A bug out bag is your best friend in an emergency situation. Many of you are acquainted with the idea of a bug out bag or a get home bag and would agree that having one around is an important step to take for your general preparedness.
As the first thing you grab in an emergency, this resource could be hugely beneficial if you know what you’re doing. A good packing list is critical to ensuring the quality of your bug out bag and your preparedness as a whole.
For those of you who aren’t in the know, this video is helpful to get you up to speed:
For the best bug out bag back pack, I would recommend an external aluminum frame pack or a larger hiking back pack. School back packs aren’t quite big enough. A frame pack has the weight of the frame, but you can attach items such as a sleeping bag or a shotgun or rifle. I prefer to carry handguns in a belt holster. Hiking back packs can often be found used in larger thrift shops like Value Village or the Goodwill. School back packs will work in a pinch, but they will be full with some larger items. Also, a normal back pack may not fit all of your bug out bag gear while remiaing comfortable for constant use without needing modifications.
My list of bug out bag supplies is based on the premise of obtaining food and water en route. Some food and water needs to be carried, but a realistic amount to be totally self-sufficient likely requires an additional means of transport. Urban settings have food and water resources if one thinks outside the box. I list the means to cook and boil water on the assumption that food can be obtained in this part of the world fairly easily. Rural or natural settings have many potential sources of calories, and water can usually be found.
Crushed charcoal in a bandana makes a makeshift filter that should remove most undesirable elements not killed by boiling or water purification tabs. I realize that emergency/camping food and fancy means of purifying water are out there, but I prefer to stick to basic methods without parts to break down. I also lack the funds to buy items such as purifying pump and so am forced to look at other means. The fishing kit could be swapped out for a collapsing pole if desired, but a fishing kit gives you the ability to rig up multiple lines for more opportunities for food. An actual pole could have uses, but it should be light and compact if you go that route.
Weight is the key issue. I have hunted up steep hillsides in Eastern Washington and the ability to refill water and food on the go would be on the top of my bug out bag checklist if I had to go cross-country on foot. It’s simply impossible to carry enough water for more than maybe a day without breaking your back. I recommend the total load, except for a firearm if carried separately, should not exceed 30-35 pounds. I would aim for 25-30 pounds, if at all possible.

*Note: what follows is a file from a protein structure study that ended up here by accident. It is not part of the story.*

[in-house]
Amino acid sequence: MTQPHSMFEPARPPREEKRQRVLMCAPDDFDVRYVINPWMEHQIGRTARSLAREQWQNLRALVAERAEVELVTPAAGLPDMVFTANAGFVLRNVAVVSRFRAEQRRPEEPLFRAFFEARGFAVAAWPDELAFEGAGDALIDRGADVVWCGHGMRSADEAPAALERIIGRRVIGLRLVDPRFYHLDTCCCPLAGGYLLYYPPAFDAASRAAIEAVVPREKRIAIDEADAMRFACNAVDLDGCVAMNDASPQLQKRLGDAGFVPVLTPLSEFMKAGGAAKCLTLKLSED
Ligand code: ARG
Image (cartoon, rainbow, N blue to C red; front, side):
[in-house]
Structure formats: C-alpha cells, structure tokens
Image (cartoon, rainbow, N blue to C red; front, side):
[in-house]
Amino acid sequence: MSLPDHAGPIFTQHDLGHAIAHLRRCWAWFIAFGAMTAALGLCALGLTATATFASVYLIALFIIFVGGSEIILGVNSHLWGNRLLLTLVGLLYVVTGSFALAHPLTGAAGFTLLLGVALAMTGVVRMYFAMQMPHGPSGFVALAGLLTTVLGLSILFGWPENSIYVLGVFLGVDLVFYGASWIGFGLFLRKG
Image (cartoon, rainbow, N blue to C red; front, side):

If the items are no longer in use or are not any more needed by the previous owner, they are fair targets for scavenging. I will not hurt a person for the purpose of gaining an item, but I have no problem acquiring an unused item to ensure my own survival so long as no one else unnecessarily gets hurt. Theft, maybe, but in a survival situation, many rules of ‘civilized’ living no longer apply. Calling it borrowing if it makes you feel better.
I will not purposely hurt others, but I will act to ensure my own survival by whatever actions that requires. In the normal world, I am an ethically conservative person who is very professional. These values don’t disappear but rather get modified in the event of a survival situation. Many preppers and survivalists think that you have to be the lone wolf or the general store without any middle ground. A good balance lies somewhere in between where a person looks out for his or her own interests while still supporting a community setting when appropriate.
I cover the basic survival needs of food, water, fire, defense and shelter, but prefer to carry knowledge and skills rather than a bunch of high-tech gear. Fancy gear is great, but it costs money and can get heavy quickly. Most gear can be improvised or scavenged if needed.
• Fire Kit
• metal match (flint stick)
• wooden or paper matches
• magnesium bar
How to start a fire with flint:
• Water bottle – metal, preferably steel
• Purification tablets
• Water purification pump if within budget
• Space blanket
• Tarp – green or brown fairly easy to find
• 50-100 feet of cordage – heavy twine will work
• Poncho – emergency ones are at every sporting goods store, better ones will cost more
• Wool socks – 2 pairs (one to wear and one to rinse and dry)
• 2-3 bandanas
• Gloves – leather or wool preferred
• Change of under things
• Carabeners- lightweight, hanging things, can be skipped if not found
• Flagging tape
• Radio and batteries
• Small LED flashlight and batteries
• LED headlamp and batteries
• Esbit stove and fuel tabs
• Small cook pot (light weight) and mess kit including set of silverware
• Handled metal cup
• (Inside cup) plastic jar or ziploc bag with tea, bouillion, and salt
• Ziploc bags and folded aluminum foil
• Sierra cup
• Travel rations of choice (rice, jerky, granola, etc)
• Hunting or larger folding knif
• Road flares (2)
• Fishing kit – hooks, 30-40 feet of line and lead weights in pill bottle
• Dental floss
• Toilet paper – in ziploc bag
• Duct tape
• First Aid kit– basic, include doses of critical meds
• Swiss Army tool with can opener blade or similar
• Small can opener if no Swiss Army tool
• Firearm and ammo
• Rain hat
• Boy Scout manual
• Hiking boots or other sturdy boots
• Sleeping bag – with carry bag or strapped to frame pack
• Fleece top – pull-over or zipped both work well
• Winter coat with hood
• Extra water bottle
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